Monday, January 11, 2010

"Reid-Race-Gate": Mature Adults Move On While GOP & Media Embarrass Themselves

First off, let's start with Sandy Banks saying the obvious in today's LA Times:

Reid was stating a fact, however indelicate and impolitic.

Obama's appearance and avoidance of "Negro dialect" -- except when reaching out to blacks -- allowed white voters to feel comfortable with his politics and his intellect. He seemed more like them than like Al Sharpton or Jesse Jackson; less threatening, more like a guy you'd have over for dinner.

Reid expressed regret this weekend "for offending any and all Americans, especially African Americans," with comments he made in 2008 that only now have come to light.

But I don't know why I should be offended.

If anyone is insulted, it should be whites -- whom Reid accused implicitly of being willing to vote for a black man only if he talks like them and is not too black.

I think the next apology ought to come from Michael Steele -- the light-skinned, dialectically flexible African American head of the Republican National Committee.

Steele has called for Reid to step down as majority leader, likening him to Trent Lott, the former Mississippi senator rebuked in 2002 for saying he was "proud" that his state had supported a segregationist candidate in the 1948 presidential election.

That candidate was Strom Thurmond, who famously declared during his White House campaign: "All the laws of Washington and all the bayonets of the Army cannot force the Negro into our homes, our schools, our churches."

Either Steele is playing politics with a combustible case, or he thinks Americans are so incapable of thinking intelligently about race that we can't tell the difference between Lott and Reid.

Now that offends me.

Now this is what I was saying on Saturday, and I'm glad some in the mainstream media are finally starting to say this as well. What Reid said was crude, but ultimately true. Too many white folks are still uncomfortable with politicians that are "too black", and the Obama campaign had to work overtime in 2008 to fight off Republican attempts to portray him as the stereotypical "scary angry black man" and start total racial warfare.

It's just a shame that the corporate media want to focus more on the "gotcha politics" of Harry Reid vs. the GOP and avoid the real story of the frightening racism still plaguing this country.

Peter Beinart also admitted the obvious today.

Is any of this really a surprise, in a country where the extent of one’s blackness, as well as the fact of one’s blackness, has been the basis of oppression for centuries? In the antebellum South, states like Louisiana even maintained special legal categories for “quadroons” and “octoroons,” blacks whose mixed-race ancestry allowed them rights denied their “full-blooded” brethren. And as African Americans generally understand better than whites, that legacy remains alive today. When asked in 1995 why white people liked him so much, Colin Powell replied that “I speak reasonably well, like a white person,” and, visually, “I ain’t that black.”

So if what Reid said was palpably true, why is he in so much trouble? Yes, his use of the word “negro” was unattractive. But overall, his statement was less an example of white racism than an analysis of white racism. He dared to discuss an aspect of race prejudice that people generally find too toxic to publicly discuss. But it should be publicly discussed. Because amid the triumphalism that has followed Barack Obama’s election—the insistence, particularly on the right, that his election proves that racism has all but died out—it is worth remembering that while Obama’s election constitutes racial progress, it is also, peculiarly, testament to how far America still has to go.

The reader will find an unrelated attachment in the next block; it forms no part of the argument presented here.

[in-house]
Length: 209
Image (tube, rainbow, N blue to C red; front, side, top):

Yep, yep, yep. What Reid said is an indictment of continuing white racism, and this is what's really infuriating the radical right.

But above all else, what is this all about? It's a collection of salacious political gossip from a pair of glorified political gossip columnists! Glenn Greenwald really nailed it here.

The book is little more than royal court gossip, churned out by the leading practitioner of painfully sycophantic, Drudge-mimicking cattiness: Time's Mark Halperin. And all of the courtiers, courtesans, court spokespeople (i.e., "journalists") and hangers-on who populate our decadent little Versailles on the Potomac can barely contain their glee over the opportunity to revel in this self-absorbed sleaze. Virtually every "political news" TV show is hyping it. D.C. reporters are boasting that they obtained early previews and are excitedly touting how intensively they're studying its pages in order to identify the most crucial revelations. Just try to contemplate how things would be if even a fraction of this media energy and interest level were devoted to scrutinizing the non-trivial things political leaders do.

Again... Yep, yep, yep. This is just another excuse for the corporate media to gossip about pointless crap while avoiding the real issues still plaguing our society.

What about economic inequality? What about discrimination going on trial with the Prop H8 case? What about our civil liberties possibly being trampled in the name of "airport security"? Oh no, who cares about that when we can talk some more about John Edwards' sex life, Bill Clinton and Barack Obama engaging in a "man fight", Sarah Palin's mysterious fasting, and a new manufactured Harry Reid scandal!

Of course, Republicans will keep trying to milk this manufactured scandal to try to keep alive their chances of toppling Reid this year. Politicos all over the place will keep trying to look into a crystal ball and claim they know exactly how this will affect Nevada politics this year. But no matter what happens next until the media circus eventually ends, let's try to remember what this is really about.

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